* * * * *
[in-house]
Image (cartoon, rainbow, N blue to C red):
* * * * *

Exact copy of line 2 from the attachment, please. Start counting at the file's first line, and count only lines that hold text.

Image (cartoon, rainbow, N blue to C red):